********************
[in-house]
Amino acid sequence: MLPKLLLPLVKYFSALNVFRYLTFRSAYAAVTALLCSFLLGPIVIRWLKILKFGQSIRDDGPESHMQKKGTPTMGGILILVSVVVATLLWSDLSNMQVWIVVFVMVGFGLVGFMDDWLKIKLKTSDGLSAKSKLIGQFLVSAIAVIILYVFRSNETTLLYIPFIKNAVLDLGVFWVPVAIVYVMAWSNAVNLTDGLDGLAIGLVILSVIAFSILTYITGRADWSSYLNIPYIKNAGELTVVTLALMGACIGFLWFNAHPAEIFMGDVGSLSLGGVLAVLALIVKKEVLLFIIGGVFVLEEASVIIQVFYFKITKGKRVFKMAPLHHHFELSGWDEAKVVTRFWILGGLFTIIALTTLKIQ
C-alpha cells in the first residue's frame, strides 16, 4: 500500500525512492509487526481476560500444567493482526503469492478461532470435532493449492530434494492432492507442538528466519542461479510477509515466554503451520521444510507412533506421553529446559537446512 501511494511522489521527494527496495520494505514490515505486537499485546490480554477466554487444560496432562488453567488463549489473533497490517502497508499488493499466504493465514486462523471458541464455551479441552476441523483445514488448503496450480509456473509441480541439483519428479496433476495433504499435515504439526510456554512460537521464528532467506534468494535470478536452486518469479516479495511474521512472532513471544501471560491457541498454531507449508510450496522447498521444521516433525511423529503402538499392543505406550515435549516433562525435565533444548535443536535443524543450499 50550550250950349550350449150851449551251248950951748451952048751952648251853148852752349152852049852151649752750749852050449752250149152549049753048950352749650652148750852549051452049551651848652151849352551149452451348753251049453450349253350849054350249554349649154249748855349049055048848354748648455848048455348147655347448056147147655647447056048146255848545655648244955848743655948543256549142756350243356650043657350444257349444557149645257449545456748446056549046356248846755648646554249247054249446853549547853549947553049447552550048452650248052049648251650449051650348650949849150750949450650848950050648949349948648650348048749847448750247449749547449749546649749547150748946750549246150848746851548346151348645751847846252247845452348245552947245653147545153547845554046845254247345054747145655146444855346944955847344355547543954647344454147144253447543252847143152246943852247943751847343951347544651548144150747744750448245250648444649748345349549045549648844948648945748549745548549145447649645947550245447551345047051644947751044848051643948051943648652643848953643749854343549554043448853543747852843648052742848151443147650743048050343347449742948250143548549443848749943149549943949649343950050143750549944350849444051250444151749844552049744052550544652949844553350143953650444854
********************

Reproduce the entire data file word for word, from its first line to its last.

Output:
[in-house]
Amino acid sequence: MLPKLLLPLVKYFSALNVFRYLTFRSAYAAVTALLCSFLLGPIVIRWLKILKFGQSIRDDGPESHMQKKGTPTMGGILILVSVVVATLLWSDLSNMQVWIVVFVMVGFGLVGFMDDWLKIKLKTSDGLSAKSKLIGQFLVSAIAVIILYVFRSNETTLLYIPFIKNAVLDLGVFWVPVAIVYVMAWSNAVNLTDGLDGLAIGLVILSVIAFSILTYITGRADWSSYLNIPYIKNAGELTVVTLALMGACIGFLWFNAHPAEIFMGDVGSLSLGGVLAVLALIVKKEVLLFIIGGVFVLEEASVIIQVFYFKITKGKRVFKMAPLHHHFELSGWDEAKVVTRFWILGGLFTIIALTTLKIQ
C-alpha cells in the first residue's frame, strides 16, 4: 500500500525512492509487526481476560500444567493482526503469492478461532470435532493449492530434494492432492507442538528466519542461479510477509515466554503451520521444510507412533506421553529446559537446512 501511494511522489521527494527496495520494505514490515505486537499485546490480554477466554487444560496432562488453567488463549489473533497490517502497508499488493499466504493465514486462523471458541464455551479441552476441523483445514488448503496450480509456473509441480541439483519428479496433476495433504499435515504439526510456554512460537521464528532467506534468494535470478536452486518469479516479495511474521512472532513471544501471560491457541498454531507449508510450496522447498521444521516433525511423529503402538499392543505406550515435549516433562525435565533444548535443536535443524543450499 50550550250950349550350449150851449551251248950951748451952048751952648251853148852752349152852049852151649752750749852050449752250149152549049753048950352749650652148750852549051452049551651848652151849352551149452451348753251049453450349253350849054350249554349649154249748855349049055048848354748648455848048455348147655347448056147147655647447056048146255848545655648244955848743655948543256549142756350243356650043657350444257349444557149645257449545456748446056549046356248846755648646554249247054249446853549547853549947553049447552550048452650248052049648251650449051650348650949849150750949450650848950050648949349948648650348048749847448750247449749547449749546649749547150748946750549246150848746851548346151348645751847846252247845452348245552947245653147545153547845554046845254247345054747145655146444855346944955847344355547543954647344454147144253447543252847143152246943852247943751847343951347544651548144150747744750448245250648444649748345349549045549648844948648945748549745548549145447649645947550245447551345047051644947751044848051643948051943648652643848953643749854343549554043448853543747852843648052742848151443147650743048050343347449742948250143548549443848749943149549943949649343950050143750549944350849444051250444151749844552049744052550544652949844553350143953650444854